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Dealing With Food.

Updated: Jun 10, 2022


I titled it that way on purpose because for me, food has always been something to deal with more than anything else. It's always seemed to be a force controlling me.


I’m not a foodie.

  • Foodie: A person having an avid interest in the latest food fads.

  • I’m not always thinking about gourmet foods, or planning my trips around food. I don’t particularly enjoy trying new foods.


I’m more naturally a food-aholic.


Food has been more like a place for me to go, or to retreat to. It’s been a source of comfort; an ever present companion; a stress-reliever; and more. And yet, it’s really been none of those things. It’s actually been the opposite.


  • Instead of comfort, it’s actually made me uncomfortable with my body and self-image. It’s made it hard to move and do simple bodily things. And its made me physically uncomfortable because I’ve been a pro at eating more than I needed, leaving me feeling bloated and in pain.


  • Instead of a companion, it’s been an enemy that stayed closer than a friend. Always saying “yes” and “more.” Never saying, “that’s enough,” or “you ought not eat that.”


  • Instead of relieving stress, its filled my body with processed chemicals and fake nutrients that drove my stress and anxiety up.


So, as I said, it’s always been something for me to deal with.


A Different Perspective

Several years ago, when I started my health overhaul, I learned real quick that if I was going to have success in dieting, exercising, and health for the long haul, it would only come if I changed my understanding of, and relationship to food.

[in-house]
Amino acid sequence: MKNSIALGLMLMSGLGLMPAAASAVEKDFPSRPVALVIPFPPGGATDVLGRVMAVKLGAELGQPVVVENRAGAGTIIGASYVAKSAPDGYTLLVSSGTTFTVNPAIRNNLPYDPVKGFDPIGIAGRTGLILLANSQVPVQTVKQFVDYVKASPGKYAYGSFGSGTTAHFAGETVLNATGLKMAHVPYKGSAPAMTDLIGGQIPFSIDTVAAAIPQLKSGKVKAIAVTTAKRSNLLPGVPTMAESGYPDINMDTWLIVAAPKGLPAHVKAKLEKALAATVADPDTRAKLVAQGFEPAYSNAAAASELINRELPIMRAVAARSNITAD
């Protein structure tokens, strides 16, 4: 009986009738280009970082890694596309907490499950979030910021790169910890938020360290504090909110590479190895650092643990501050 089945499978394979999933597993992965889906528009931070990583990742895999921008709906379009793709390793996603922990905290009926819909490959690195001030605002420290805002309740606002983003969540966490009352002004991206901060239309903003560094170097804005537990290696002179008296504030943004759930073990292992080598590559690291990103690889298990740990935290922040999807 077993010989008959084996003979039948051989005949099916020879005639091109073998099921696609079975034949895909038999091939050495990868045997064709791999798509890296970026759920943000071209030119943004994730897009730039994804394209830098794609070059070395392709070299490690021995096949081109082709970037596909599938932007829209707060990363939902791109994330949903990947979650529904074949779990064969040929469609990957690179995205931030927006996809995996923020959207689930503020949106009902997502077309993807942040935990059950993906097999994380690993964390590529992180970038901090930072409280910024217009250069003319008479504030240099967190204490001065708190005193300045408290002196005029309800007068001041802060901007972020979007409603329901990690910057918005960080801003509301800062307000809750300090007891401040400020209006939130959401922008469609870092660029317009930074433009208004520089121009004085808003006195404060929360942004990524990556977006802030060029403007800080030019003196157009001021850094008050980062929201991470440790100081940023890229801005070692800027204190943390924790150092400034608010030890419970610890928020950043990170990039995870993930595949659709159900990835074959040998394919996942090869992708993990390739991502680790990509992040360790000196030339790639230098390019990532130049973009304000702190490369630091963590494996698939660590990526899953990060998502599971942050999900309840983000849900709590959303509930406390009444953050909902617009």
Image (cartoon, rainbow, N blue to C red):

• Crash diets wouldn't work.

  • Having someone else tell me what to eat and when to eat wouldn't work.

  • I needed to understand how God had made food, and what He had made it to do in and for my body.

  • That has been revolutionary for me.

  • More on that later…


But, here are a few rules from a health and fitness account (Food, Fitness, and Faith) I follow that synthesizes a helpful approach to actual, healthy eating.


1 - Eat enough Real Food.

  • Healthy Proteins (Chicken, fish, pork, eggs, some red meats; legumes);

  • Healthy Fats (Egg yolks, avocados, fish, peanuts, etc);

  • Healthy Carbs (Veggies, Oats, Fruits)


2 - Remove Mental Restrictions.

-This has been really helpful for me. As soon as I say, “I’m not eating _________,” the only thing I want is that thing.

  • Or, if you decide to cut some things out of your normal eating diet, like heavily processed sugar, it’s okay to indulge occassionally. Just don’t over do it.

  • A healthy relationship with food should be the goal, not absolute avoidance of everything that tastes good.

  • “The more restrictions you create around food, the more control the food has over you”

  • Amen to that.

-So, for the most part, I'm eating clean, healthy, nourishing food. And every so often, I have a big Five-guys burger and fries. And I don't feel bad when I do...



3 - Understand Processed Foods.

“Processed foods (like chips, crackers, cookies) are made by big food companies that employ food scientists whose job it is to make these foods taste irresistible by being hyperpalatable (taste incredibly good)…they are designed to make you overeat.”

  • Have you ever wondered why the Pringles jingle is true? “Once you pop you just can’t….stop.”


-This has been really helpful in my own journey. Understanding that companies engineer food to taste a certain way, and that engineered taste makes me eat more of it, more than I should — And as Dr. Joan Ifland notes, that engineered taste actually creates an addiction to that fake food.



4 - Learn to Eat Slowly and Intentionally.

Food really isn't that complicated. God really did give it for our nourishment and our enjoyment. There is a reason why friends and families often gather around food. It has a fellowship quality to it.

  • We shouldn't look to food to do more than God created it to do.

  • We shouldn’t abuse food.

  • We should understand it, and treat it with respect.

  • We should enjoy food.



I’m learning to respect and enjoy food, and not simply deal with it. It's a process, but we trust the process. How about you?


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